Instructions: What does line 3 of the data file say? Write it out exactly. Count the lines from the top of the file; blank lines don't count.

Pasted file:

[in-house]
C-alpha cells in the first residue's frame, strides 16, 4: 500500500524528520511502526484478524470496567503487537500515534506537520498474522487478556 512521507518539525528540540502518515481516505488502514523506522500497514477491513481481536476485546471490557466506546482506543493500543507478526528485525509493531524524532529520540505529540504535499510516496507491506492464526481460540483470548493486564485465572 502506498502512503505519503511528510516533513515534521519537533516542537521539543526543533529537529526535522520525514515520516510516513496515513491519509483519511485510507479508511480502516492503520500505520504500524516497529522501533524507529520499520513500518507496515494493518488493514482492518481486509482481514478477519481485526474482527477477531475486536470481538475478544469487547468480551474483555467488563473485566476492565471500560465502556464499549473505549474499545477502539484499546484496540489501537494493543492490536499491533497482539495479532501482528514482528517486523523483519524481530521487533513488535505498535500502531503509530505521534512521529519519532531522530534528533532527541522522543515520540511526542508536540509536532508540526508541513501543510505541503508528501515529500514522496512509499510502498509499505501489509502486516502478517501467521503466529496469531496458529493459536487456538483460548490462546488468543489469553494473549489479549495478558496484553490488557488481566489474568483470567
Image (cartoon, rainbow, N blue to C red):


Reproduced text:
Image (cartoon, rainbow, N blue to C red):